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Steelers News: Matt Canada knows, and understands, his role with the Steelers

Time to check on the latest news surrounding the Pittsburgh Steelers.

NCAA Football: Texas at Maryland Tommy Gilligan-USA TODAY Sports

It has been a one-of-a-kind offseason for the Pittsburgh Steelers in 2020. With the start of training camp now behind us, it looks like we’ll have to wait until opening weekend to see the Steelers take the field. Just because the NFL has cancelled the preseason doesn’t mean we stop providing you with features, commentary and opinions to tide you over throughout the offseason!

Today in the black-and-gold links article we take a look at how Matt Canada, like others before him, know their role with the Steelers.

Let’s get to the news:

  • New quarterbacks coach Matt Canada understands what is being asked of him in Pittsburgh.

Labriola on ‘Matt Canada gets it’

By: Bob Labriola, Steelers.com

On Jan. 11, 2018, Tomlin hired Teryl Austin, whose resume included stints in the NFL as both a secondary coach and a defensive coordinator, and with the Steelers his title became Senior Defensive Assistant/Secondary. Translating that job description into reality, Austin joined Tom Bradley in working with the defensive backs and he also brought his coordinator experience to the weekly defensive game-planning sessions.

• Based solely on resume study, Canada could be viewed as the offensive version of the Austin hiring, because he has spent time as a coordinator at seven different college programs, including LSU, and he also spent a season as the head coach at Maryland. But because one of those college stops as a coordinator was at Pitt, which shares the UPMC Rooney Sports Complex with the Steelers, the growing assumption outside that building became the hiring was more than adding someone to work with the young quarterbacks.

• “Obviously, (Canada brings) expertise in years of coaching quarterbacks, years being around offensive football. Years of being a play-caller and experience being a head coach,” said Fichtner last week. “It is more knowledge in the (offensive meeting) room. It is one more opportunity to throw ideas around … I also know that when it comes to ideas and thoughts and things you can bring to the table every week, what he can bring to the table might be different than I would in that room, (which) is going to be really fun to see and watch develop.”

To read the full article, click HERE (Free)


  • How Devin Bush ended up with an awesome man cave.

How Steelers have supported their favorite painter during pandemic

By: Brooke Pryor, ESPN

Artist Cody Sabol’s phone lit up with a FaceTime call from a number he didn’t recognize.

When he answered, Pittsburgh Steelers linebacker Devin Bush’s face filled his screen.

“Hey, Cody,” Bush said, “what are you doing tomorrow?”

When the nation shut down in early March due to the coronavirus pandemic, Sabol became one of many small-business owners to watch helplessly. The 25-year-old Pittsburgh-based artist makes almost all his income speed-painting at live events — and he has an infant son along with a new mortgage payment for the house he and his wife just bought.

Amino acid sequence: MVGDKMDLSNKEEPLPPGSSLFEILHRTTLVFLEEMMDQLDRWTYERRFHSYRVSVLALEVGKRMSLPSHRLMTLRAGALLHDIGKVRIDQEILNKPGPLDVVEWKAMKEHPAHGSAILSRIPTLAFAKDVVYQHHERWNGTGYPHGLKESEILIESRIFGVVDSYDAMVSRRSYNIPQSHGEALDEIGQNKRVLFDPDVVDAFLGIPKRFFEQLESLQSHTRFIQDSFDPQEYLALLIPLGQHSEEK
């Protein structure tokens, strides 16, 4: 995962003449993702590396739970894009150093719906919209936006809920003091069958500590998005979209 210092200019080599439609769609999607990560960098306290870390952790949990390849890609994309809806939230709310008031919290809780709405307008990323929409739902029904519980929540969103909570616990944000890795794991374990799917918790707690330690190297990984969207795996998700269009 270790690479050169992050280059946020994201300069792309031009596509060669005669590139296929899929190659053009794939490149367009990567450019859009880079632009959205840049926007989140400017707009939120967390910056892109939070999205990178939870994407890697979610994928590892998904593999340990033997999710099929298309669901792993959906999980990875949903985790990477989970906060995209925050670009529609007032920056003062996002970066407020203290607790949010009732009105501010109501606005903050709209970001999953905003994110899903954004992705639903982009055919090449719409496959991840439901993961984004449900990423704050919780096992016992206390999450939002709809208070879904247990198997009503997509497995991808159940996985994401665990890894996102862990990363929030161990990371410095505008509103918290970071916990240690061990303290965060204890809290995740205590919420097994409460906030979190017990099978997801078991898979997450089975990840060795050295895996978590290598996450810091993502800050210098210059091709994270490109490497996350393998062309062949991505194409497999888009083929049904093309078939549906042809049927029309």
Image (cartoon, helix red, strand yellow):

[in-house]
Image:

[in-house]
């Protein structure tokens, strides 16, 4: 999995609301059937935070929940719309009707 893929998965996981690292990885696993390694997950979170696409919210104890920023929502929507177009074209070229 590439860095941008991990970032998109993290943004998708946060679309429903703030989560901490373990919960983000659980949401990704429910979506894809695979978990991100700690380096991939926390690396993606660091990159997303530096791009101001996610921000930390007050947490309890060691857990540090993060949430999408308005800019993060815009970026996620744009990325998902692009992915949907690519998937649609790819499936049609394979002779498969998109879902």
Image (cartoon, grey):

Suddenly the future was uncertain, and it was scary.

That changed when Bush extended an offer: Spend the next week transforming the walls of his basement — and soon-to-be personal gym — from plain cream to colorful murals that would remind Bush of his journey and motivate him as he worked out.

To read the full article, click HERE (Free)


  • David DeCastro never even considered opting out of the 2020 season.

Steelers Pro Bowler David DeCastro never considered opting out, ‘not afraid’ of health risks

By: Chris Adamski, Pittsburgh Tribune-Review

The Pittsburgh Steelers were one of only three teams that did not have a single player opt out of playing this season, as is permitted in 2020 by the NFL out of concerns related to the coronavirus pandemic.

One of the Steelers’ highest-paid and longest-tenured players said he didn’t give sitting out the season all that much thought.

“I’ve always had that mindset of just being all in,” Pro Bowl guard David DeCastro said Monday during a video conference call with media. “Football being No. 1, it’s almost sort of a religious experience, plus that gift for myself. I love the game. I always have. It’s done so much for me. You can’t really think about the money and whatnot when you’re playing. You just have to be all about football, attacking that day and having that routine. It just makes life a lot easier.”

DeCastro, who is entering his ninth NFL season, said he has not changed his personal routine during the covid-19 pandemic. The league and his team have dramatically altered the day-to-day minutia of training camp and the layout of their facilities. But DeCastro’s at-home, family life is largely being conducted as normal.

“I’ll be honest, I’m not too afraid,” he said. “That’s just my personal opinion of it. I haven’t really done anything to — I don’t know really much what you can do if it’s worth taking those risks to completely isolate yourself. To me, I don’t really see that as beneficial. I’d rather be with my kids and family and take that risk. I haven’t changed that at all.”

To read the full article, click HERE (Free)


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